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Medline ® Abstract for Reference 44

of 'Clinical staging and conservative management of peripheral lymphedema'

44
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A systematic review of the evidence for complete decongestive therapy in the treatment of lymphedema from 2004 to 2011.
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Lasinski BB, McKillip Thrift K, Squire D, Austin MK, Smith KM, Wanchai A, Green JM, Stewart BR, Cormier JN, Armer JM
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PM R. 2012 Aug;4(8):580-601.
 
OBJECTIVE: To critically analyze the contemporary published research that pertains to the individual components of complete decongestive therapy (CDT), as well as CDT as a bundled intervention in the treatment of lymphedema.
DATA SOURCES: Publications were retrieved from 11 major medical indices for articles published from 2004-2010 by using search terms for lymphedema and management approaches. Literature archives of the authors and reference lists were examined through 2011.
STUDY SELECTION: A research librarian assisted with initial literature searches by using search terms used in the Best Practice for the Management of Lymphoedema, plus expanded terms, for literature related to lymphedema. Authors sorted relevant literature for inclusion and exclusion; included articles were sorted into topical areas for data extraction and assessment of level of evidence by using a published grading system and consensus process. The authors reviewed 99 articles, of which 26 met inclusion criteria for individual studies and 1 case study did not meet strict inclusion criteria. In addition, 14 review articles and 2 consensus articles were reviewed.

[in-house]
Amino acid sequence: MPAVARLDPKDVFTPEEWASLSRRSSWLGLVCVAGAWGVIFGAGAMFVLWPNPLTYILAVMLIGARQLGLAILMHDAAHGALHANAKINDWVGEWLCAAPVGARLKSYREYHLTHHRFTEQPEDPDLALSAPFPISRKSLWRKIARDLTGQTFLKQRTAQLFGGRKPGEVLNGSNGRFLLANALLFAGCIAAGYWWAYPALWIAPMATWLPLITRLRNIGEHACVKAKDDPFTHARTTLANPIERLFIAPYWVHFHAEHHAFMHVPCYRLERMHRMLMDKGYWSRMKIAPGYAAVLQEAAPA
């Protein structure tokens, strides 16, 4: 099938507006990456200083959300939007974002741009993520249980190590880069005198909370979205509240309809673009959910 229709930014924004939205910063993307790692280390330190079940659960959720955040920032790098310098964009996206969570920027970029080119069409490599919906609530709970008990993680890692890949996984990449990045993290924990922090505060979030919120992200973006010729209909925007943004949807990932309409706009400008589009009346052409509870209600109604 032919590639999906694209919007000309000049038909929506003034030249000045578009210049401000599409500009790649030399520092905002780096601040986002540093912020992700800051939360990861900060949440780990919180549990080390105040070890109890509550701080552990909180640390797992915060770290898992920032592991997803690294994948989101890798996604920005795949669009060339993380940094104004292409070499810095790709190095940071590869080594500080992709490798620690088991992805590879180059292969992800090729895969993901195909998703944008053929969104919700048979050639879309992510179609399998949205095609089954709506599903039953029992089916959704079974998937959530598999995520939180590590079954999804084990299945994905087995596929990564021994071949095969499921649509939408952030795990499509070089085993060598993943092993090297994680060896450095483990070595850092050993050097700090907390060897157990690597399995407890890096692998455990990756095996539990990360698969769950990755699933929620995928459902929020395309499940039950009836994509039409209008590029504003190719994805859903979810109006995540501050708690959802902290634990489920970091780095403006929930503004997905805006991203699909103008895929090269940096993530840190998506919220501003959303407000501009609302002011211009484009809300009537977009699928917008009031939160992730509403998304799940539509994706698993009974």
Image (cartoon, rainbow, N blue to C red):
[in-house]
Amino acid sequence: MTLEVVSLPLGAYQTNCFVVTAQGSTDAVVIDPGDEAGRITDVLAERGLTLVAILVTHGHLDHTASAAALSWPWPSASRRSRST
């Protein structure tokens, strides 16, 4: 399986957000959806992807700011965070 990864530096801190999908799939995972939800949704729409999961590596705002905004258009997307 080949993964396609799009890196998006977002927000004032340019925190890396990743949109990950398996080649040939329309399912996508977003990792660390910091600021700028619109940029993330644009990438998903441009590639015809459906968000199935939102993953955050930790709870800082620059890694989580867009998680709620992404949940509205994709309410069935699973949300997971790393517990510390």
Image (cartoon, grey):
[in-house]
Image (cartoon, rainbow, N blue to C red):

DATA EXTRACTION: Information on study design and/or objectives, participants, outcomes, intervention, results, and study strengths and weaknesses was extracted from each article. Study evidence was categorized according to the Oncology Nursing Society Putting Evidence into Practice level of evidence guidelines after achieving consensus among authors.
DATA SYNTHESIS: Levels of evidence were only moderately strong, because there were few randomized controlled trials with control groups, well-controlled interventions, and precise measurements of volume, mobility and/or function, and quality of life. Treatment interventions were often bundled, which makes it difficult to determine the contribution of each individual component of treatment to the outcomes achieved.
CONCLUSIONS: CDT is seen to be effective in reducing lymphedema. This review focuses on original research about CDT as a bundled intervention and 2 individual components, manual lymph drainage and compression bandages. Additional studies are needed to determine the value and efficacy of the other individual components of CDT.
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Lymphedema Therapy and The Boris-Lasinski School, Woodbury, NY(⁎).
PMID